Do you remember what Jesus did on Holy Friday? We call it Good Friday. It was good for us, but bad for Jesus. He had two trials on that one day. The first trial was in front of his own people. It was a “kangaroo” court. Jesus never had a chance. He was found guilty. They wanted to execute Jesus, but they lacked the legal authority. For this reason, they sent him to the Roman Governor, Pilate. He knew Jesus was an innocent man, but he feared the mob. The crowd rejected Jesus and accepted Barabbas, an insurrectionist. The order was given that Jesus must die. It was a public affair. It was a way of deterring crime. First came the whipping. Then came the crown of thorns. Each step came with ridicule. Finally came the cross, a Roman way to execute. Jesus was not tied to the cross; he was nailed to the cross. He was hung between two common criminals. His death came quickly, and they put his body in a tomb. The sky grew dark, and the people wondered. His family and friends cried, because he was dead, and their dreams were gone. Do you remember what happened on Holy Friday?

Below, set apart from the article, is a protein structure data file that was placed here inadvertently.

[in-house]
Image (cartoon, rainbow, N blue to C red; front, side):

Do you remember what happened on Holy Saturday? Some call it, Silent Saturday. Others call it Black Saturday or Easter Eve. There is nothing to remember about that day because Jesus was dead. The people who loved Jesus, both family and friends, struggled with his death. Some of them were in shock. Some were in denial and some of them cried. Their great dreams of a bright future were over. Jesus was dead! How comfortable are you with the death of Jesus? You know what happened on Sunday. It is the worst secret in the history of the world. It is also the very foundation of our faith. It changed everything. What do you remember?